It was my intention to have remained quietly on shore, after so many hairbreadth escapes and singular adventures; but I found France so changed, that I was disgusted with my own country. Every thing was upside down—the nobles, the wealthy, the talented, either were murdered, or living in abject poverty in other countries, while the lower classes had usurped their place, and governed the land. But what decided me once more to go to sea, was that the continual demands for fresh levies to recruit the republican armies, convinced me that I had no chance of long remaining in quiet. Of two evils I preferred what I considered to be the least, and rather than die in a ditch on shore, I preferred the dangers which might be incurred afloat. I bought a large ship, and fitted her for a voyage of speculation to Lima in South America. As the English cruisers covered the seas, and I was resolved that I would not be taken by a vessel of small force, I shipped with me a complement of forty men, and had twelve guns mounted on her decks. We escaped through the gut of Gibraltar, and steered our course for Cape Horn, the southernmost point of America. Nothing worth narrating occurred until we made the land, when a strong adverse gale came on, which, after attempting in vain to beat against it, blew away most of our sails and finally obliged us to bear up, and run away to the southward and eastward.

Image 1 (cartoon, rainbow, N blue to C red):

From the working and straining of the vessel, the decks had become so leaky, that the water ran through every part of the ship. Our provisions (particularly our bread) being spoiled, and obliged to be thrown overboard, we were necessitated to be put upon short allowance. As we had no hopes of being able to support ourselves upon what was left until our arrival at Lima, I determined to run for the nearest island, where I might obtain a fresh supply, and then renew our attempt to beat round the Cape. I was in some doubts where to proceed, but after running eastward for a fortnight, we discovered land on the lee bow, which I considered to be the uninhabited Island of New Georgia; but as we approached it, we thought that we perceived people on the beach, and when within five miles we could plainly distinguish that they were soldiers in their uniforms, ranged up, rank and file. The colour of their clothes could not be made out with the glass, but it was easy to be distinguished that they had yellow facings; from which I inferred that they were our enemies the English. “Peste!” thought I, “is it possible that these grasping islanders have made a settlement on this place? Where will they go to next?” The different companies appeared to be from one to two dozen in number; sometimes they stood quite still, at others they walked a little way on the beach; but they constantly adhered to their rank-and-file position, and as I could not perceive that they had any muskets in their hands, I inferred that they were merely practising the marching evolutions. No houses or fortifications were distinguishable,